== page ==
Wisconsin has taken steps to force asbestos litigation plaintiffs to be more transparent and disclose claims to asbestos bankruptcy trusts. The mandated disclosures address the concerns raised in recent years by asbestos litigation defendants about the lack of transparency and possible gaming of tort and bankruptcy systems.
Litigation involving claims of injury due to exposure to asbestos has been ongoing in earnest since the late 1970s in the United States. Since that time, nearly 100 companies have filed for bankruptcy protection due in whole, or in part, to asbestos litigation-related liabilities. U.S. Gov’t Accountability Office, GAO-11-819, Asbestos Injury Compensation: The Role and Administration of Asbestos Trusts (2011). More than sixty such companies have created trusts pursuant to Section 524(g) of the Bankruptcy Code.
These asbestos bankruptcy trusts collectively hold over $18 billion in fund assets and have already distributed over $15 billion since they were first created.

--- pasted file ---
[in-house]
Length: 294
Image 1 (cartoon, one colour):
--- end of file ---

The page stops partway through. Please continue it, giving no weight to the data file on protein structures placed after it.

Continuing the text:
These trusts distribute funds through a claims process that operates outside of the tort system. Hundreds of other companies, who have not sought bankruptcy protection, continue to face thousands of new lawsuits each year. As a result, individuals seeking monetary compensation for alleged asbestos-related injuries can make claims under two independent systems: the bankruptcy trusts system and the tort system.
In March, Wisconsin’s governor signed a bill designed to increase disclosure and transparency between these systems. The Wisconsin law attempts to prevent claimants from gaming the systems, or making disparate or conflicting statements in support of their claims for compensation to the trusts. The law, called the Asbestos Trust Fund Transparency Legislation requires plaintiffs in Wisconsin-filed lawsuits to disclose all bankruptcy trust claims they have filed or will file in the future, along with the supporting documents, to the defendants they have sued in the tort system. Ohio and Oklahoma have enacted similar legislation. Links to the statutes can be found here: Wisconsin, Ohio, Oklahoma.